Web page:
One distinguished psychologist explains why he believes this is so and how to reverse course
We may not just be selecting the wrong people, we may be developing an incomplete set of skills—and we need to look at things that will make the world a better place.
Wisdom is about using your abilities and knowledge not just for your own selfish ends and for people like you. It’s about using them to help achieve a common good by balancing your own interests with other people’s and with high-order interests through the infusion of positive ethical values.
ethical reasoning involves eight steps: seeing that there’s a problem to deal with (say, you see your roommate cheat on an assignment); identifying it as an ethical problem; seeing it as a large enough problem to be worth your attention (it’s not like he’s just one mile over the speed limit); seeing it as personally relevant; thinking about what ethical rules apply; thinking about how to apply them; thinking what are the consequences of acting ethically—because people who act ethically usually don’t get rewarded; and, finally, acting.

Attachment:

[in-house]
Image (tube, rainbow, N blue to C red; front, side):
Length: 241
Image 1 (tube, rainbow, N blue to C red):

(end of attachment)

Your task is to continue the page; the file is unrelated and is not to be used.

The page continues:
If we start testing for these broader kinds of skills, schools will start to teach to them, because they teach to the test.
Rainbow Project at Yale
Kaleidoscope at Tufts
Panorama at Oklahoma State